The Official Rock-Paper-Scissors Strategy Guide
Novices may think of Rock Paper Scissors as merely a game of chance, but this in-depth site reveals interpretations that take each move to a deeper level. Opening with a rock is a sign of aggression, while throwing out paper is the least obvious, but not necessarily ineffective, first move. The uncluttered site, with its bold black-and-white graphics, is designed for one simple purpose: to give you the upper hand in this surprisingly strategic game. B

Paper Airplanes and More
Ken Blackburn, the best-selling coauthor of Kids’ Paper Airplane Book, offers everything about paper airplanes from history to aerodynamics. Kids can print out their own basic plane or replicate the one that led Blackburn to a 1994 Guinness World Record for time aloft (18.8 seconds). Packed with rainy-day ideas and enthusiasm, this is a site guaranteed to make imaginations soar. A

Explore Science
Hands-on science experiments — without any chance of actually blowing up the kitchen! Using Shockwave, future scientists get to test why like charges repel, how to determine what floats or sinks, and other impressive scientific facts. Hosted by physicist Raman Pfaff, the most shocking thing about this site is how much your children will actually absorb. A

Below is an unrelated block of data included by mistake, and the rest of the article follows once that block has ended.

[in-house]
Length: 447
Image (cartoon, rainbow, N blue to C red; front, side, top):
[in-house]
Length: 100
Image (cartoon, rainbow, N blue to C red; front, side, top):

Family Best of Breed
Ben &amp Jerry’s Ice Cream
We don’t usually go in for product-related sites, but who can resist when that product comes in Mint Chocolate Cookie and New York Super Fudge Chunk? Kids can download the pattern for a paper Holstein and use Shockwave to make Ben &amp Jerry hairy á la Wooly Willy. Head to the holiday section for crafts, games, and recipes, or visit the Flavor Graveyard for a taste of the past (Rainforest Crunch may be gone but it is not forgotten). A

The Source
Greeting visitors with a Jay-Z sound clip and an illustration of a hip-hop Mount Rushmore, this recently launched site from the country’s leading rap mag is a full interactive experience, featuring innovative touches like a virtual turntable that lets you scratch along with a sound clip. The slickly designed site also features video interviews, live webcasts, and chat rooms. There’s even a whole section devoted to underground up-and-comers (complete with sound clips) so you can be the first to find out about hip-hop stars of the future. A-

Perfect Sound Forever
An eclectic, wonderfully thoughtful monthly webzine written by and for serious music fans of all stripes. Manhattan-based PSF lovingly covers deserving artists as varied as dub great King Tubby and Texas songwriter Townes Van Zandt. The November issue is devoted entirely to ’60s rock radicals the MC5, featuring in-depth interviews and lots of historical info and insight. Upcoming issues boast coverage of unsung favorites like Captain Beefheart and the Flamin’ Groovies. Groovy indeed. A